Los Angeles, long imagined as a site of dystopian futures, seems determined to embed crime fear into its present. As Mike Davis' books on the city have shown, LA since the 1980s has increasingly shaped itself around fear of crime with gated communities, its privatized high security downtown, and its "gang reduction zones". A recent story in the LA Times shows how the city creates ever new layers on the surface of its crime centered life. In the latest effort to reassure the public, “Los Angeles leaders unveiled several initiatives Wednesday to reduce crime at and around 20 public schools, including a computerized tracking system that authorities have already used to tailor violence-fighting strategies to the specific conditions in hot spots around the city."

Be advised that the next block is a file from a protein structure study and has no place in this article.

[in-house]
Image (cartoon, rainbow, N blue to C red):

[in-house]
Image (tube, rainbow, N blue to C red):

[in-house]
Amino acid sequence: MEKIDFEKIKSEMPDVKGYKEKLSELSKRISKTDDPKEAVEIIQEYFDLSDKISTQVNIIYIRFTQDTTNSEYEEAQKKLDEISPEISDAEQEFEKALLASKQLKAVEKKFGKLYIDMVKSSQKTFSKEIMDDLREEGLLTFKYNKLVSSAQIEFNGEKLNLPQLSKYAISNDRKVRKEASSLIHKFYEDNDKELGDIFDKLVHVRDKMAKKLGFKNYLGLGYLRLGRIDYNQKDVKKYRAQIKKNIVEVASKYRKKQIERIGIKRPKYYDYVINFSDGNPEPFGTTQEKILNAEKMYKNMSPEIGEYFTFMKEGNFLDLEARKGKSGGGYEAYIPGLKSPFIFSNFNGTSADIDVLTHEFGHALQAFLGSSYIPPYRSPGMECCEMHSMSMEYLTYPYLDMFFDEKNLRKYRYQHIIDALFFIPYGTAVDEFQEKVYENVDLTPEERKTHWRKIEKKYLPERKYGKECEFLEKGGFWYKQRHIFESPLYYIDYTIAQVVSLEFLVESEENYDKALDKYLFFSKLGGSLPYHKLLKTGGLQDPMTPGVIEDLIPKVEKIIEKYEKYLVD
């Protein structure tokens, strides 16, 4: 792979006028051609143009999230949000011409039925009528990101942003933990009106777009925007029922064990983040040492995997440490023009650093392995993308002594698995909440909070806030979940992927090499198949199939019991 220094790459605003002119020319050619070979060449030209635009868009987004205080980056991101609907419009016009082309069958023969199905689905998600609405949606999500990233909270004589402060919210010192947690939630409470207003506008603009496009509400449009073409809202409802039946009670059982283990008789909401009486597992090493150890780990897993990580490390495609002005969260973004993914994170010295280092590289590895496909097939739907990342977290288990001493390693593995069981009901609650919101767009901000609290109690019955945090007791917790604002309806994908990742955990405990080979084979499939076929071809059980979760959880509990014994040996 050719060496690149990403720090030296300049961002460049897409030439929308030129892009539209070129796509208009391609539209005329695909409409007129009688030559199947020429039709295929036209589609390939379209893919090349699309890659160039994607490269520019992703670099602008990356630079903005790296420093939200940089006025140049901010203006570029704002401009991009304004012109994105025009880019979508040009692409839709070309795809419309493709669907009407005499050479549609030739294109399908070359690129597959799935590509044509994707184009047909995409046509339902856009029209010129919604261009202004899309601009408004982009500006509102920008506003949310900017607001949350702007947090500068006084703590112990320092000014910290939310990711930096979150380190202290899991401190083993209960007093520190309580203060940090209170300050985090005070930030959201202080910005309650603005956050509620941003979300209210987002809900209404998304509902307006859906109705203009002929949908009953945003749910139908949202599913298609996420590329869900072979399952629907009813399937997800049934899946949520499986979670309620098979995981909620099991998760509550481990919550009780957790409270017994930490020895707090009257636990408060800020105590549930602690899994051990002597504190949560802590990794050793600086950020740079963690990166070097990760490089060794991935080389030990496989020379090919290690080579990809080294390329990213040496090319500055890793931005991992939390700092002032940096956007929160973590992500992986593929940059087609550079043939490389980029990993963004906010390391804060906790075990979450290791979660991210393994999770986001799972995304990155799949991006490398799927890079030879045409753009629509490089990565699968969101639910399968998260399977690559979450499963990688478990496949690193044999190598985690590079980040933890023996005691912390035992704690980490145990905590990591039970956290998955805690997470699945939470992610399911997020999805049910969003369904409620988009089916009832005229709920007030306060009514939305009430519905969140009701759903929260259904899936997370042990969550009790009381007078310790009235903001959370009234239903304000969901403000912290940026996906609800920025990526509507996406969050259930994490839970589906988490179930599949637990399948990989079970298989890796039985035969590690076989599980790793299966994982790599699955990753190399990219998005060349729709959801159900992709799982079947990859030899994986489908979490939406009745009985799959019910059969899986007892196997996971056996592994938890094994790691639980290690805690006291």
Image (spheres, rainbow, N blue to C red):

“The anti-crime plan also calls for rookie police officers and their supervisors to mentor students at the schools -- in South Los Angeles, on the Eastside and in the San Fernando Valley -- starting next month. And it envisions greater community involvement, enlisting adults to walk with groups of children who must pass through some of the city's most dangerous neighborhoods en route to classes.”
But organizing life around crime only increases the fear.